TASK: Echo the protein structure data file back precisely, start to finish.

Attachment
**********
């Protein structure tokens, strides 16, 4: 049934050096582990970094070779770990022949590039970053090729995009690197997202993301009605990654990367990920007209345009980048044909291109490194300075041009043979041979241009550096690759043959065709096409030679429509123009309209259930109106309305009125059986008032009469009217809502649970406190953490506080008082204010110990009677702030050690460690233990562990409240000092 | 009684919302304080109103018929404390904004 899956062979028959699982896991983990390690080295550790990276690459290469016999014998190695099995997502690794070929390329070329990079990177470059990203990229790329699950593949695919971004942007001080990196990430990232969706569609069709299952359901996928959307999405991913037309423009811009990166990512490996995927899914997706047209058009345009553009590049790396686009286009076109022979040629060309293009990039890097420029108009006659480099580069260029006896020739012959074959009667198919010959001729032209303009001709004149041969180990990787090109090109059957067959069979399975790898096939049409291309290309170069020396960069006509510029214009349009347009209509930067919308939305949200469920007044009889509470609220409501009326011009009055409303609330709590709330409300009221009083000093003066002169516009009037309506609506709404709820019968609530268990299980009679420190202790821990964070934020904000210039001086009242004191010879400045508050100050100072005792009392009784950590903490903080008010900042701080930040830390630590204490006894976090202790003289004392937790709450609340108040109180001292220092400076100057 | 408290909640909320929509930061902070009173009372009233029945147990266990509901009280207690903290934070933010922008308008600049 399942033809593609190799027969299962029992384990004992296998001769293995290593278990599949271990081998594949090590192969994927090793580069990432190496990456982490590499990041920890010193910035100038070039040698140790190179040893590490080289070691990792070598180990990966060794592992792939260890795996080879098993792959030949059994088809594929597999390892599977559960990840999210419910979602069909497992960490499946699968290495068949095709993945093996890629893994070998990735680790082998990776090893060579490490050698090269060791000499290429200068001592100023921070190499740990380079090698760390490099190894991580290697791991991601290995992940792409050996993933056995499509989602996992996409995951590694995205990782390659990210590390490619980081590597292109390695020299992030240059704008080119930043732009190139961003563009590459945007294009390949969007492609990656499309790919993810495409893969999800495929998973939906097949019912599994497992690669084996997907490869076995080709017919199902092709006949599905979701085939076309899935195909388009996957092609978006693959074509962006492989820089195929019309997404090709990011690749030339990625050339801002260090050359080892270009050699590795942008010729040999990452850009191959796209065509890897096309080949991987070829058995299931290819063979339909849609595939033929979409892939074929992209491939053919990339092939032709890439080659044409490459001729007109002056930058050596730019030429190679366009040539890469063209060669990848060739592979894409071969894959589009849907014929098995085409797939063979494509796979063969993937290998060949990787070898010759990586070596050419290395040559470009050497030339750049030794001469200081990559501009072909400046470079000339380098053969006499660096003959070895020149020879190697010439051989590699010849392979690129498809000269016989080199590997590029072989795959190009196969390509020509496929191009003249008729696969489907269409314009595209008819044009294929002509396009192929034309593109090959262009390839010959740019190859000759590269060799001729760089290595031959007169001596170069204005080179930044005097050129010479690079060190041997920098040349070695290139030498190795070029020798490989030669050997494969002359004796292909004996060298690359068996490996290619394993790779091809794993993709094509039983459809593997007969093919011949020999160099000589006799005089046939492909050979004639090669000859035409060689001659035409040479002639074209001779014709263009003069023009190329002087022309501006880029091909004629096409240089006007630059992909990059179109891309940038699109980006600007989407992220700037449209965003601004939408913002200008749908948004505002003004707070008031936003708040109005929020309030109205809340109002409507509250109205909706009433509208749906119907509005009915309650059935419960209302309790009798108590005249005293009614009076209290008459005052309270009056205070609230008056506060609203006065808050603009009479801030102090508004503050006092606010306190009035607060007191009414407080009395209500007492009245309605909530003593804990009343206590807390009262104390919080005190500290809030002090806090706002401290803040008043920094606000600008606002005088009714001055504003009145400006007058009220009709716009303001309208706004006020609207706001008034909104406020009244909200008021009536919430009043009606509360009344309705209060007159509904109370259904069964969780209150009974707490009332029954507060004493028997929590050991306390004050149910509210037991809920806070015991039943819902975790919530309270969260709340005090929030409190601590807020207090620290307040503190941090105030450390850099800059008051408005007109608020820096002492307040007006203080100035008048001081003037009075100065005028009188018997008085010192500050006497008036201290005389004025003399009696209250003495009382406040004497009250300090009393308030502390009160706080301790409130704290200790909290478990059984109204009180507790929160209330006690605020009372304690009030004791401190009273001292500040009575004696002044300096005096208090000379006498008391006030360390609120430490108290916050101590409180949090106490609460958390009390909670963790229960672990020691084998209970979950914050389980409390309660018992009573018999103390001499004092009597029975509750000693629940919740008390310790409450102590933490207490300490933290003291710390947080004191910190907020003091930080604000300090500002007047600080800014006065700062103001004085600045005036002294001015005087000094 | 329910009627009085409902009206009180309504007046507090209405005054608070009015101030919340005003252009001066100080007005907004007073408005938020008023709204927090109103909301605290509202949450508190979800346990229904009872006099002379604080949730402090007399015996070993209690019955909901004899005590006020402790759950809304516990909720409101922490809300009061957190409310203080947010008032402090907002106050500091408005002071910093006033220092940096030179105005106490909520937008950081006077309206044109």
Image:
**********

């Protein structure tokens, strides 16, 4: 049934050096582990970094070779770990022949590039970053090729995009690197997202993301009605990654990367990920007209345009980048044909291109490194300075041009043979041979241009550096690759043959065709096409030679429509123009309209259930109106309305009125059986008032009469009217809502649970406190953490506080008082204010110990009677702030050690460690233990562990409240000092 | 009684919302304080109103018929404390904004 899956062979028959699982896991983990390690080295550790990276690459290469016999014998190695099995997502690794070929390329070329990079990177470059990203990229790329699950593949695919971004942007001080990196990430990232969706569609069709299952359901996928959307999405991913037309423009811009990166990512490996995927899914997706047209058009345009553009590049790396686009286009076109022979040629060309293009990039890097420029108009006659480099580069260029006896020739012959074959009667198919010959001729032209303009001709004149041969180990990787090109090109059957067959069979399975790898096939049409291309290309170069020396960069006509510029214009349009347009209509930067919308939305949200469920007044009889509470609220409501009326011009009055409303609330709590709330409300009221009083000093003066002169516009009037309506609506709404709820019968609530268990299980009679420190202790821990964070934020904000210039001086009242004191010879400045508050100050100072005792009392009784950590903490903080008010900042701080930040830390630590204490006894976090202790003289004392937790709450609340108040109180001292220092400076100057 | 408290909640909320929509930061902070009173009372009233029945147990266990509901009280207690903290934070933010922008308008600049 399942033809593609190799027969299962029992384990004992296998001769293995290593278990599949271990081998594949090590192969994927090793580069990432190496990456982490590499990041920890010193910035100038070039040698140790190179040893590490080289070691990792070598180990990966060794592992792939260890795996080879098993792959030949059994088809594929597999390892599977559960990840999210419910979602069909497992960490499946699968290495068949095709993945093996890629893994070998990735680790082998990776090893060579490490050698090269060791000499290429200068001592100023921070190499740990380079090698760390490099190894991580290697791991991601290995992940792409050996993933056995499509989602996992996409995951590694995205990782390659990210590390490619980081590597292109390695020299992030240059704008080119930043732009190139961003563009590459945007294009390949969007492609990656499309790919993810495409893969999800495929998973939906097949019912599994497992690669084996997907490869076995080709017919199902092709006949599905979701085939076309899935195909388009996957092609978006693959074509962006492989820089195929019309997404090709990011690749030339990625050339801002260090050359080892270009050699590795942008010729040999990452850009191959796209065509890897096309080949991987070829058995299931290819063979339909849609595939033929979409892939074929992209491939053919990339092939032709890439080659044409490459001729007109002056930058050596730019030429190679366009040539890469063209060669990848060739592979894409071969894959589009849907014929098995085409797939063979494509796979063969993937290998060949990787070898010759990586070596050419290395040559470009050497030339750049030794001469200081990559501009072909400046470079000339380098053969006499660096003959070895020149020879190697010439051989590699010849392979690129498809000269016989080199590997590029072989795959190009196969390509020509496929191009003249008729696969489907269409314009595209008819044009294929002509396009192929034309593109090959262009390839010959740019190859000759590269060799001729760089290595031959007169001596170069204005080179930044005097050129010479690079060190041997920098040349070695290139030498190795070029020798490989030669050997494969002359004796292909004996060298690359068996490996290619394993790779091809794993993709094509039983459809593997007969093919011949020999160099000589006799005089046939492909050979004639090669000859035409060689001659035409040479002639074209001779014709263009003069023009190329002087022309501006880029091909004629096409240089006007630059992909990059179109891309940038699109980006600007989407992220700037449209965003601004939408913002200008749908948004505002003004707070008031936003708040109005929020309030109205809340109002409507509250109205909706009433509208749906119907509005009915309650059935419960209302309790009798108590005249005293009614009076209290008459005052309270009056205070609230008056506060609203006065808050603009009479801030102090508004503050006092606010306190009035607060007191009414407080009395209500007492009245309605909530003593804990009343206590807390009262104390919080005190500290809030002090806090706002401290803040008043920094606000600008606002005088009714001055504003009145400006007058009220009709716009303001309208706004006020609207706001008034909104406020009244909200008021009536919430009043009606509360009344309705209060007159509904109370259904069964969780209150009974707490009332029954507060004493028997929590050991306390004050149910509210037991809920806070015991039943819902975790919530309270969260709340005090929030409190601590807020207090620290307040503190941090105030450390850099800059008051408005007109608020820096002492307040007006203080100035008048001081003037009075100065005028009188018997008085010192500050006497008036201290005389004025003399009696209250003495009382406040004497009250300090009393308030502390009160706080301790409130704290200790909290478990059984109204009180507790929160209330006690605020009372304690009030004791401190009273001292500040009575004696002044300096005096208090000379006498008391006030360390609120430490108290916050101590409180949090106490609460958390009390909670963790229960672990020691084998209970979950914050389980409390309660018992009573018999103390001499004092009597029975509750000693629940919740008390310790409450102590933490207490300490933290003291710390947080004191910190907020003091930080604000300090500002007047600080800014006065700062103001004085600045005036002294001015005087000094 | 329910009627009085409902009206009180309504007046507090209405005054608070009015101030919340005003252009001066100080007005907004007073408005938020008023709204927090109103909301605290509202949450508190979800346990229904009872006099002379604080949730402090007399015996070993209690019955909901004899005590006020402790759950809304516990909720409101922490809300009061957190409310203080947010008032402090907002106050500091408005002071910093006033220092940096030179105005106490909520937008950081006077309206044109």
Image: